Crossing the River: A Memoir of the American Left, the Cold War, and Life in East Germany
Chapter 1. A Colorado Cowboy Tragedy
The GDR Peace Council called to ask if I would show an American singer around town. I had met many Americans here from the infra-red end of the spectrum; this one was a Colorado cowboy with azure eyes, long blond hair, a model physique and magic smile. This incredibly handsome rock'n'roll man was a leftist!? I almost pinched him to see if he was real!
Dean Reed came from Denver, acted, sang, played guitar and brought a film about Chile to the Documentary Week. Protesting the Vietnam war, Dean scrubbed a US flag in a pail near the US Embassy in Santiago and got arrested; the publicity won a few percentage points which helped the Socialist Allende win the election. So said his film. I was a bit skeptical but had also rejoiced with Allende, and scrubbing seemed far better than flag-burning.
In Leipzig his film made less impact than Dean himself. He sang at the regular "Anti-Imperialist Evening" and was invited to sing elsewhere. I interpreted at his performances and for all those, mostly female, eager to meet him. Most persistent was Wiebke: slender, extremely attractive, once a teacher, now a successful model. The interest was mutual.
GDR-TV offered him a guest show, then came a big concert in Potsdam, after which over 100 women and girls rushed toward him. I saw a side door and pleaded: "Dean! We can duck out here before they get here!"
"Signing autographs is a duty owed an audience," he said, and gave every one a smile and a word or two while writing "Peace" and his name. He had become a GDR celebrity.
At college in Boulder Dean sang and played guitar. At a dude ranch job he raced a mule 110 miles through the desert. The mule, seeing no reason for such idiocy, lost! Dean won a quarter and 31 lines in Newsweek.
Giving up meteorology, he drove to Hollywood in 1958 and had luck. Trained in acting by Warner Brothers star-maker Paton Price, a pacifist who influenced him greatly, he also sang; somehow South America loved his songs and Capitol Records sent him on tour. Chile and Argentina greeted him like a conquering hero; he edged Presley and Sinatra from the top of the charts. But the carefree cowboy, whose father was a conservative teacher, was suddenly confronted by rural and slum misery. He opposed atomic testing, had a run-in with the US embassy, and met by chance a famous Soviet soccer star, Lev Yashin, who altered his stereotype ideas about "Russians". On his own TV show in Argentina he interviewed Tereshkova, the first woman in space, and flabbergasted her with a big kiss. The angry dictator of the day sent goons to rake Dean's house with gunfire; the peace council delegated him to a world congress in Finland.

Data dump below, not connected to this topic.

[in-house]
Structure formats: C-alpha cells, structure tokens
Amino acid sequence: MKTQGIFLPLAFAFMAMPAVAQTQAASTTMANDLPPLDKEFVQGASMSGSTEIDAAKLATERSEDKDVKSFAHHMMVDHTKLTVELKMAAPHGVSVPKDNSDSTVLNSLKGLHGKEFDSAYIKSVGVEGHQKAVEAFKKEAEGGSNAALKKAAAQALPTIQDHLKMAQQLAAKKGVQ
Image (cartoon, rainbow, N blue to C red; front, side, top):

After preventing a split with Chinese delegates by starting a sustained "We Shall Overcome" he was invited to the USSR and took it by storm. He moved to Italy with his American wife and made swashbuckling films with Anita Ekberg or Yul Brynner (who insisted the taller Dean stand in a ditch). One producer stalled in paying workers; Dean let himself be "kidnapped" until back wages turned up. When he spoke against the Vietnam war US pressure toughened; he visited Chile for the elections, made his film, got divorced, and landed in the GDR.
Two East Berlin film authors wanted him for the title role in a literary adaptation, "The Life of a Good-for-Nothing" and I interpreted. Most scenes were in a baroque chateau near Dresden where Dean enlivened the film by walking on his hands or juggling tomatoes. He got along well with carpenters, lighting men, grips and gaffers, noted that they got the same food as the stars, asked about working hours and chatted when possible - or resorted to arm wrestling matches.
With Italy out of bounds we filmed in Transylvania (without the Count). A small castle with drawbridge, narrow passages and winding stairs had a fine Romantic flair. A mountain climber was hired to climb down from a window high above a cliff. Dean rejected a double but told the cameraman not to cut the take so all could see it was really him! We were all nervous when he climbed out into the darkness; the lights picked him up and down he went! But alas, the climb was too long, the cameraman cut it after all; Their friendship was never again so close.
A little Gypsy girl of 10 fell in love with this fairy-tale Prince Charming from far away. She waited for him each morning, stood outside till he got into costume and makeup and tagged along during the filming. Dean never complained and gave a tongue-lashing to the receptionist who tried to chase her away.
One morning, driving to location, our bus was blocked on the narrow road by a cart stuck in a mud hole. We sank back, grateful for more sleep. Only Dean, seeing driver and horses in trouble, soon had his shoulder to the cart. If one leftist ran over, damn it, I couldn't doze on! And if two crazy Americans helped out, the others had to finish the job!